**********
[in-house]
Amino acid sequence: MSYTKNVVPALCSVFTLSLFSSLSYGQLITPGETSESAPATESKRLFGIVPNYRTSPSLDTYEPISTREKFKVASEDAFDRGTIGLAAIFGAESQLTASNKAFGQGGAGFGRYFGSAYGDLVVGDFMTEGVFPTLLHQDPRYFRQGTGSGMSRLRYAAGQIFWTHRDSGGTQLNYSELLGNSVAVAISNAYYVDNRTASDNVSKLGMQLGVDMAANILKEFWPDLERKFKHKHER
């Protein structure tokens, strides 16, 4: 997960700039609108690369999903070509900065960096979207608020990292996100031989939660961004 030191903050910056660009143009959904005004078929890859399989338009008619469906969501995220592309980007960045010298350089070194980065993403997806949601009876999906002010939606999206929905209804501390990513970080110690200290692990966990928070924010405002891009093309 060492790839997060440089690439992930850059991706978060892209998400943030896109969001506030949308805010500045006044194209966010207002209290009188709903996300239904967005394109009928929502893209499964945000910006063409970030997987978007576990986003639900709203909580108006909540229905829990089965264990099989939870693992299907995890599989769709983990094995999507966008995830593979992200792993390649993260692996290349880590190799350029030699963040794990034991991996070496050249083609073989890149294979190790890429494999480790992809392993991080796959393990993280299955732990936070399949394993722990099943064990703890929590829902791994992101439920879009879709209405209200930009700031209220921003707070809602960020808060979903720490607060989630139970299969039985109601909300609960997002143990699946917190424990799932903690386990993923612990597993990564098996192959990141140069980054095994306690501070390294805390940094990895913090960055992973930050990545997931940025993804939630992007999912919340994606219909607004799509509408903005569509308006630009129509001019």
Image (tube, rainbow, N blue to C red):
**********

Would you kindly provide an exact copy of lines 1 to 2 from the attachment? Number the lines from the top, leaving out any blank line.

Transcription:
[in-house]
Amino acid sequence: MSYTKNVVPALCSVFTLSLFSSLSYGQLITPGETSESAPATESKRLFGIVPNYRTSPSLDTYEPISTREKFKVASEDAFDRGTIGLAAIFGAESQLTASNKAFGQGGAGFGRYFGSAYGDLVVGDFMTEGVFPTLLHQDPRYFRQGTGSGMSRLRYAAGQIFWTHRDSGGTQLNYSELLGNSVAVAISNAYYVDNRTASDNVSKLGMQLGVDMAANILKEFWPDLERKFKHKHER